Pending Legislation

Though multiple bills that modify the Workforce Education Investment Surcharge have been introduced in the current legislative session, Senate Bill 6492 has gained the most traction. If enacted, the bill would retroactively eliminate the new B&O tax surcharges and instead increase the Service and Other Activities rate to 1.75% for all businesses with gross income in excess of $1 million—irrespective of their industry.

After it was introduced, the bill was amended to replace the tiered advanced computing surcharge with a single surcharge of 1.22% on select advanced computing businesses with worldwide gross income of more than $25 billion (up to a maximum surcharge of $9 million per year). Companies subject to the surcharge also remain subject to the 1.5% tax on receipts from Service and Other Activities, resulting in an effective tax rate of 2.72%.5

Notably, financial institutions are explicitly excluded from the definition of “select advanced computing businesses” under the proposed law.6 Instead, those businesses will be subject to the general rate increase to 1.75% (or 2.95% for financial institutions with at least $1 billion of net income).7 Under current law, this exclusion is not explicit.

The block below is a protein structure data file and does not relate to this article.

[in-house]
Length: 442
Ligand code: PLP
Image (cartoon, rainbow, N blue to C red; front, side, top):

In sum, taxpayers are affected by the current law and pending legislation as follows:

On January 30, 2020, the Senate passed the amended version of the bill by a vote of 28-21. As of publication, the bill is pending in the House. If passed as currently drafted, the current surcharges would be repealed effective January 1, 2020 and the new changes would be imposed effective April 1, 2020.

What’s Next?

For the 10,400 taxpayers that the Department of Revenue estimates are already subject to the surcharge on specified business activities, these developments are good news. Not only would the rate be reduced slightly from 1.8% to 1.75%, but the effective date of the increased tax would be April 1 instead of January 1.

For the estimated 4,400 taxpayers that are subject to the Service and Other Activities rate but not already captured by the surcharge, the changes represent a tax rate increase from 1.5% to 1.75%. Likewise, taxpayers engaged in advanced computing businesses will see their Service and Other Activities B&O tax rates increase significantly.

If the pending legislation is enacted and the surcharge repealed, the result will be a far more administrable tax structure for the Department and taxpayers alike, because it will eliminate the need to determine whether a taxpayer falls within one of the 13 industry groups subject to the surcharge. If the legislation is not enacted, the Department’s actions may create even more uncertainty as it attempts to address both the uncertainty in the application of the surcharge and its decision not to implement it in accordance with the statutory effective date.